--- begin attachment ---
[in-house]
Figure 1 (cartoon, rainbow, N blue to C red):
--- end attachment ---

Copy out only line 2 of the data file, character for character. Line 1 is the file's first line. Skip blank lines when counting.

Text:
Figure 1 (cartoon, rainbow, N blue to C red):